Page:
Photo from ILoveShelling.com
What exactly is that mysterious “blob” that Sanibel Island guests have been known to run across on the beach?
Is it a plant? An animal? Some type of alien spy? The peculiar blob is known as a sea pork, not to be confused with any relative of Wilbur’s.
Scientifically, a sea pork is a “tunicate,” an invertebrate that has been siphoning, filtering, and squirting water for hundreds of millions of years. The slimy outfit, or “tunic,” you see is actually a colony of teensy-tiny creatures called “zooids” that protect themselves with a sac partly made of cellulose, which acts like a strong, squishy armor.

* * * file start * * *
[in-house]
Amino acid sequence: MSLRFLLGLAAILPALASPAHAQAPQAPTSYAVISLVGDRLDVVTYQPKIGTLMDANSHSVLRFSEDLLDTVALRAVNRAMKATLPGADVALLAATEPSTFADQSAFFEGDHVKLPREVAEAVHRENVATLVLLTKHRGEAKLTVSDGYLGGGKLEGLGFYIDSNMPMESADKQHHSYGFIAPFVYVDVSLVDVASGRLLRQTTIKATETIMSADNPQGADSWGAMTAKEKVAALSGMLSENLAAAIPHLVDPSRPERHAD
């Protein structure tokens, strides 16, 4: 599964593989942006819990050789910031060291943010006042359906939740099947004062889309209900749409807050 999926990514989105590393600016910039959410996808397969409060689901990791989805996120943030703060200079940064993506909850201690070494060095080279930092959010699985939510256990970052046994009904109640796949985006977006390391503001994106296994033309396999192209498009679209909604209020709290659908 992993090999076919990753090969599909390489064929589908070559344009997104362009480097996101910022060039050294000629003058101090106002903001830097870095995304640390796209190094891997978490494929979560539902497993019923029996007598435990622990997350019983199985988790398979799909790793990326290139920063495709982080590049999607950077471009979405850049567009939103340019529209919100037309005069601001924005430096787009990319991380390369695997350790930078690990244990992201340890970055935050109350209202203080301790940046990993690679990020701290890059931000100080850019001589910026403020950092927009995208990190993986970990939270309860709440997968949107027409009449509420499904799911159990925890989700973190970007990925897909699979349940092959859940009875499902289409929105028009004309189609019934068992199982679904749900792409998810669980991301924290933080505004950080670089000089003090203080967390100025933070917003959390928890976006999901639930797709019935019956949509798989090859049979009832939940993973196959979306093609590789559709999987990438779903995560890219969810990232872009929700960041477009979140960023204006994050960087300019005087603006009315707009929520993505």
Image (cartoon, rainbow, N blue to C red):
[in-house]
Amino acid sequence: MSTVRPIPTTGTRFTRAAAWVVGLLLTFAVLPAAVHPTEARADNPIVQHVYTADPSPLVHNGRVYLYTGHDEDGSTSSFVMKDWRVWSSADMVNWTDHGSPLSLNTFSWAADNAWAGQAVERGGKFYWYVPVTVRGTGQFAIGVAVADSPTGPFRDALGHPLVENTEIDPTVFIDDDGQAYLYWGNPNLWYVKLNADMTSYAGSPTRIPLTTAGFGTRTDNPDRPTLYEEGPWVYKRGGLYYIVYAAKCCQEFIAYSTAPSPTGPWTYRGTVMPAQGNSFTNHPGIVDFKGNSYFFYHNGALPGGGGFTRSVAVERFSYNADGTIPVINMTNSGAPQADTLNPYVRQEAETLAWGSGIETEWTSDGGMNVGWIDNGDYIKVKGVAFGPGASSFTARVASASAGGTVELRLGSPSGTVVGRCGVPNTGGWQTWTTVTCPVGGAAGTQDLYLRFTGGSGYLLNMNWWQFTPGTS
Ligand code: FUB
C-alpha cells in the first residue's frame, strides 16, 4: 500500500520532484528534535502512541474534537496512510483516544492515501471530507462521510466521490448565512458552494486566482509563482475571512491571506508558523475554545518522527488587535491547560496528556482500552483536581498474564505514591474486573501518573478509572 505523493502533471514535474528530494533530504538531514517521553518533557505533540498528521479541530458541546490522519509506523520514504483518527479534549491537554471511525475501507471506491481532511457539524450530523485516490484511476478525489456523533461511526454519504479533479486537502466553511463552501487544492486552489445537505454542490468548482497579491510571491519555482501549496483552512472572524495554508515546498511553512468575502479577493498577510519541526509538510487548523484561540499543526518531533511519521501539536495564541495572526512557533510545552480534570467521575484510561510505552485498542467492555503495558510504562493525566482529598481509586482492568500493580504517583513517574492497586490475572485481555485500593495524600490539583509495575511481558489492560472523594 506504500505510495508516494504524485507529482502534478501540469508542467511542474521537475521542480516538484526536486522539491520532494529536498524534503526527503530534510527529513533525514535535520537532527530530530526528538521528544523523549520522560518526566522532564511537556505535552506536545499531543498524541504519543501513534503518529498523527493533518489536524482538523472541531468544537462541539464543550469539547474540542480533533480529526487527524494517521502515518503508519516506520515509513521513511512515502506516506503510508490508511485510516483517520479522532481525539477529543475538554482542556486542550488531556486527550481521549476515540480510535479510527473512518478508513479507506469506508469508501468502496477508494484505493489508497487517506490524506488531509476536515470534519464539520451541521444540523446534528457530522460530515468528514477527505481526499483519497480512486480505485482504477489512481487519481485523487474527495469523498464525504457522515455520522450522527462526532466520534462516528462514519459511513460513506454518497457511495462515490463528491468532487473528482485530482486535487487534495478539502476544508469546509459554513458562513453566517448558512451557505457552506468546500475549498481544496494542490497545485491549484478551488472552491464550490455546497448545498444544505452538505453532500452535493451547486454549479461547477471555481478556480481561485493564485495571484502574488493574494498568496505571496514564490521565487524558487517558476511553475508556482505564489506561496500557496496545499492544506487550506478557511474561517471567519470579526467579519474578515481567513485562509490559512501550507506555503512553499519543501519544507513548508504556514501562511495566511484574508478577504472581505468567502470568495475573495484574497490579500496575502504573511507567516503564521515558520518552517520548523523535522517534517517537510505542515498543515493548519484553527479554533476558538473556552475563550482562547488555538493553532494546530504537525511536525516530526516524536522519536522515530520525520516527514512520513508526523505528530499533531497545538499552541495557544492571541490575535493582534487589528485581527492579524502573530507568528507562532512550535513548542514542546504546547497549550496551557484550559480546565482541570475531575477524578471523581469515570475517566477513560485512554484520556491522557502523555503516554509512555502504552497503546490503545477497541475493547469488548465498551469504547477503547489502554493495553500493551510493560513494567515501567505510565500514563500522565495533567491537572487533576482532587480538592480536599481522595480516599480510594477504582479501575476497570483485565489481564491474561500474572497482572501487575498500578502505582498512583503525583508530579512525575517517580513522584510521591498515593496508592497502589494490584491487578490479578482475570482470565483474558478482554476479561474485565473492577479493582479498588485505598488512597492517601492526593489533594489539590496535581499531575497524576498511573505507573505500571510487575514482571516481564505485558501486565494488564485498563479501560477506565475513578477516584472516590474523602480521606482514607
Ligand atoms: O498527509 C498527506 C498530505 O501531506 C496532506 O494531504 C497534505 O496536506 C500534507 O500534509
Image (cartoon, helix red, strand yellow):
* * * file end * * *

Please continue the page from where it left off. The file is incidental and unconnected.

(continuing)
Sea pork is common along the Atlantic Coast from Maine to Florida and throughout the Gulf of Mexico. They can grow up to 12 inches or more and weigh up to 10 pounds. While alive, sea pork is incredibly colorful and can be found in different hues of pink, green, red, lavender, black, gray and orange. Once they perish, however, the color quickly fades.
Regardless, it’s one of the most odd forms of sea life you can encounter. Just remember, it’s no pork chop — many of them have poisonous flesh to fend off predators!